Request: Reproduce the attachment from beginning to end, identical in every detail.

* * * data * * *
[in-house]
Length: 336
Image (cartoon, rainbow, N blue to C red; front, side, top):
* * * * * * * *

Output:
[in-house]
Length: 336
Image (cartoon, rainbow, N blue to C red; front, side, top):